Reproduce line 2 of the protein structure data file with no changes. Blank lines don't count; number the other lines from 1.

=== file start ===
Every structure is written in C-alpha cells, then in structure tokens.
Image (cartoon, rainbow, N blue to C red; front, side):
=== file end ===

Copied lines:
Image (cartoon, rainbow, N blue to C red; front, side):